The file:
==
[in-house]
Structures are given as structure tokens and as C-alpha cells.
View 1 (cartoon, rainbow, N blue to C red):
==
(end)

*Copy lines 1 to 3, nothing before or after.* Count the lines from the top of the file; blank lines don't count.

[in-house]
Structures are given as structure tokens and as C-alpha cells.
View 1 (cartoon, rainbow, N blue to C red):